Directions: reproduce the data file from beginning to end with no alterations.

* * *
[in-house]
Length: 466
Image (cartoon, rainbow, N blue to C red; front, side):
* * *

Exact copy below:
[in-house]
Length: 466
Image (cartoon, rainbow, N blue to C red; front, side):